Anyway! Back then, you were either royalty, or Peasant Scum™. If you’re the latter, your house is made of wood, thatch, or reeds, and every day, all you can smell is livestock. If you’re the former, you’re in a drafty castle, more than likely dying of gout whether you know it or not, and you don’t have indoor plumbing because outdoor plumbing doesn’t exist. No regular bathing, no deodorants of any sort, no shaving, no proper waste disposal, no proper medical treatment, nothing. Technically speaking, you’re more outside than inside! Try not to freeze to death, or die of heat stroke, or sepsis, or a thousand other murderous things! It is patently impossible to spin a romantic viewpoint on that style of day-to-day existence. Sure, you can argue that ‘medieval fantasy is fiction’, but even if I were in Darkest Mordovale or wherever wearing a full set of armour with a broadsword in hand, you couldn’t ask me to overlook the fact that the complete environment is stinky as fuck.

Right; I’ve just thought of another entry in the medieval fantasy genre that doesn’t repel me: Kentarou Miura’s long-running manga series, Berserk. In the interest of full disclosure, what attracted me to the series was the Lovecraftian aspect to a lot of the monsters and adversaries — God Hand, baybeee — but due to the fantastically insane brutality that the series portrays, the world the characters live in is not exactly hygenic. And that’s not counting all the bandit-led skirmishes, or wars between armies, or beings from an alternate plane of existence sacrificing thousands of people over a single night in order to fulfil an eldritch prophecy! Sure, you can say that after walking round day after day up to your shins in blood and corpses, that you’d simply get used to it, but… would you want to??

On the opposite end of the spectrum would be something like the telly shows produced by the creative mastermind that was Gerry Anderson. Series such as UFO, Captain Scarlet, Space: 1999, and Thunderbirds, amongst others, displayed worlds with technological advancements as well as adventure, and for the most part, they were clean. Granted, there were still pressing concerns such as disasters both natural and man-made, or a cold war with an alien race that could replicate any object or thing, or the Earth’s Moon being blasted out of orbit, or the threat of having your organs harvested by beings from another planet, but nothing’s perfect! At least things are clean, for god’s sake; that’s one less thing to worry about.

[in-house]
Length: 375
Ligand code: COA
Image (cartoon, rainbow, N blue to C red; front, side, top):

Going momentarily back to the real-life horror that is 2020, I’d seen a link in my Twitter feed months ago to a product called AIR, by a company called MicroClimate. What it is is a much-better, more futuristically-minded alternative to just donning a cloth mask over one’s face. AIR (their caps, not mine) is an acrylic helmet that covers the front half of one’s head; the back of the head is covered with a comfortable microfibre cloth that extends to the wearer’s neck. A combination of a fan and four HEPA filters keep the air (heh heh) inside the helmet fresh and fog-free. In short, wearing it makes you look as if you’re an astronaut, and that’s fucking amazing. Really, the only downsides to AIR are
+ the name (it’s lazy)
+ it doesn’t have an LED strip inside for lighting, so you can look like Sean Connery in ‘Outland’
+ the only available colour choices are black or white. Those suit my colour pallette fine, but there’s a lack of Factory grey, and
+ it’s USD$300. BOOOO.
It’s my hope that other companies will see MicroClimate’s product and make versions of their own for sale, at lower prices and with additional colour selections, ahem hem. Who wouldn’t want to be an astronaut?

A clever third-party retailer would go ahead and start designing cat ears you could pop on these bad boys

Maybe my praise of a product like AIR also exemplifies my extreme dislike of medieval fantasy. In those types of settings, physical strength will get you far, unless you’re some sort of wizard, whereas in science fiction, technology grants advantages to people across the board. Being a person who values intellectual prowess over physical ability, it’s little wonder why futuristic environments appeal much more to me. If the choice is between spending months training and working out for years, versus buckling myself into a powered exoskeleton or having my body augmented with cybernetic enhancements, I’m obviously going to spring for the quicker and much less sweat-producing option.